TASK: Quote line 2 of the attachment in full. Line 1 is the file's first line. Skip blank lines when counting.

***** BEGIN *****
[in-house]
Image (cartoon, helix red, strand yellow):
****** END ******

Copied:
Image (cartoon, helix red, strand yellow):